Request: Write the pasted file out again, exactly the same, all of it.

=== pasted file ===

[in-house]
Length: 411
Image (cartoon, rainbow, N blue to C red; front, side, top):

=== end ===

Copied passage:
[in-house]
Length: 411
Image (cartoon, rainbow, N blue to C red; front, side, top):